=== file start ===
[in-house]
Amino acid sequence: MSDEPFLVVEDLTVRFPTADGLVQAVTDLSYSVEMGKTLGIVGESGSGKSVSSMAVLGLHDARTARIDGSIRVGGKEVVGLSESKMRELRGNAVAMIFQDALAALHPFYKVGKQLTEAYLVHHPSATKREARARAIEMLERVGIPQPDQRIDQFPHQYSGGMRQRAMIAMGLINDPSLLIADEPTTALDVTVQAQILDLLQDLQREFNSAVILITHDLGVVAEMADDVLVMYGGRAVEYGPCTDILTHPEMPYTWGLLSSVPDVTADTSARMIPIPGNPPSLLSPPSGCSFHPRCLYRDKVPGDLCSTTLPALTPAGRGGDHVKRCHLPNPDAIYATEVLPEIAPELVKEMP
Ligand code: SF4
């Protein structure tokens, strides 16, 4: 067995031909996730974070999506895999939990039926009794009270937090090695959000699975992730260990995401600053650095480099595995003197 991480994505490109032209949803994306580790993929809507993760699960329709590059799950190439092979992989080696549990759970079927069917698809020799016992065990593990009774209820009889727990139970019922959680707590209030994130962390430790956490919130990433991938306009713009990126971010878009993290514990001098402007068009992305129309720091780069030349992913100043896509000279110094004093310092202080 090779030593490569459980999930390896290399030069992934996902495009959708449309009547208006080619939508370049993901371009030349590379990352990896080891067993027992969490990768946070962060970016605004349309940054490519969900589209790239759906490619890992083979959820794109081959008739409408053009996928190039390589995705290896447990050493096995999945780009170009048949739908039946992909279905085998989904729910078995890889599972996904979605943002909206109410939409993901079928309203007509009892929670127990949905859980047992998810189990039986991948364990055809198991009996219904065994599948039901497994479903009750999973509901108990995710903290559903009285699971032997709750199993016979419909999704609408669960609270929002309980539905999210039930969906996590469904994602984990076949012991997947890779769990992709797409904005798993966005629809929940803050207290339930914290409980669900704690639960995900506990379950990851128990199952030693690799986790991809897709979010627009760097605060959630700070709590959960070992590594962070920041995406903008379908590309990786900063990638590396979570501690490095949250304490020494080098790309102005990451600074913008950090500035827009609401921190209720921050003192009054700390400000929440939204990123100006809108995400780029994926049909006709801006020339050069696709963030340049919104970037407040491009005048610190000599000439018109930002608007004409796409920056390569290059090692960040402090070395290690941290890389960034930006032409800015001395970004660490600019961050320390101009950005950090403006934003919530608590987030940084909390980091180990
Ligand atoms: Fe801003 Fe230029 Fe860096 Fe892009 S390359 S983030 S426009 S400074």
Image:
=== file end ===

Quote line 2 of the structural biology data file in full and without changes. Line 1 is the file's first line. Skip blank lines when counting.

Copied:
Amino acid sequence: MSDEPFLVVEDLTVRFPTADGLVQAVTDLSYSVEMGKTLGIVGESGSGKSVSSMAVLGLHDARTARIDGSIRVGGKEVVGLSESKMRELRGNAVAMIFQDALAALHPFYKVGKQLTEAYLVHHPSATKREARARAIEMLERVGIPQPDQRIDQFPHQYSGGMRQRAMIAMGLINDPSLLIADEPTTALDVTVQAQILDLLQDLQREFNSAVILITHDLGVVAEMADDVLVMYGGRAVEYGPCTDILTHPEMPYTWGLLSSVPDVTADTSARMIPIPGNPPSLLSPPSGCSFHPRCLYRDKVPGDLCSTTLPALTPAGRGGDHVKRCHLPNPDAIYATEVLPEIAPELVKEMP